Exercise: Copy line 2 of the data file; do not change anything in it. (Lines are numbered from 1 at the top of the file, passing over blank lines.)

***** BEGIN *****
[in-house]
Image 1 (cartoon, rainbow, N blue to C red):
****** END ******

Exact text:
Image 1 (cartoon, rainbow, N blue to C red):